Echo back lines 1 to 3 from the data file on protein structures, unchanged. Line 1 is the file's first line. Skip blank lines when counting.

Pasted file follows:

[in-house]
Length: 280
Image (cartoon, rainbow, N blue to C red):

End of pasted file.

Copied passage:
[in-house]
Length: 280
Image (cartoon, rainbow, N blue to C red):